Yugo M76 Sniper’s Rifle in a 2-Gun Match (Video)

For this month’s 2-Gun Action Challenge Match, I decided to try using my Yugoslav M76, in 8x57mm. The M76 is one of the triad of eastern marksmen’s rifles – the PSL, the SVD, and the M76. Like the PSL, the M76 is mechanically just a scaled-up AK – but made to a much higher standard of fit and finish than the PSL. It is also chambered for the 8mm Mauser cartridge, as that was a standard cartridge in the Yugoslav army.

The M76 is obviously better suited for long range slow fire, and this month’s match was all up close and personal – so it gave me a good opportunity to try out the M76 under non-optimal conditions. The M76 did pretty well for me, with no malfunctions of any kind. At long range, I have been able to make hits on 12″ plates out to 400 yards with it, which is pretty well at the limit of my own shooting ability, so I can’t complain there. In this match, I found the scope to be a handicap, because the targets were all within 50 yards – after the first stage I shot almost everything using the iron sights, which are visible through the scope mount.

22 Comments

  1. The M76 is the only legal AK variant in Croatia.

    You can’t own any semi-automatic firearm that has a full-auto counterpart.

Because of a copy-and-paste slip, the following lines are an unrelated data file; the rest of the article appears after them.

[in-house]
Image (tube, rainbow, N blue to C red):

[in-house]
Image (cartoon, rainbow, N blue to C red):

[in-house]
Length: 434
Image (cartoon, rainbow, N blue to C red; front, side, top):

2. If only the Blue Pistol had been a bit heavier 🙁 you probably would have had that target.

    Did anyone else try that tactic after you?

  3. “That’s a Ballester Molina, I will have you know, nothing but the best for Argentina.”

    You sir, are awesome.

    As an Argentinian, and a Ballester Molina user, that remark made my day. The one I have belonged to my granddad, love it, but sometimes shooting in enclosed spaces the shell casings would ricochet all around and sometimes straight to the face.

    Greetings from Argentina.

  4. I love these 2 gun videos, are you still planning on using your Ross and a Webley in one of these matches?

    Also have to agree with the other posters that your M76 is a very handsome rifle indeed. Living in the UK, your site is the closest I will ever come to seeing one in real life let alone seeing one being shot.

    • Ross and Webley would be a fun one, but I need a new Ross first. I blew up my first one (intentionally), and the nice unmolested military one I got later turned out to have some damage to the receiver rails that would often jam the bolt open, so I sold it (with disclosure of the problem). Sooner or later I will come across another one, and when I do it will be a contender for a 2-gun match.

  5. So the Yugos have an 7.92mm barrel on an AK action. One small step to 7.92 kurz on an AK action. Just sayin…

    • Ouch – along the lines of one of the united state’s [best] forgotten [and kept forgotten] weapons:

      a .30-06 Garand with the chamber plugged and reamed for 7.62x51mm.

      I suspect that already Bubbaficated AKs will probably provide a cheap source of bolts that can have the counterbores and extractors opened out a bit, and the AK bore is already close to 8mm, although reaming the chamber to x33mm kurz will damage the chrome.

      • I’ve seen somewhere (on this site, I believe) that some Pakistani gun makers are already producing AKs in 7.92×33 Kurz. I don’t think it would be a difficult conversion.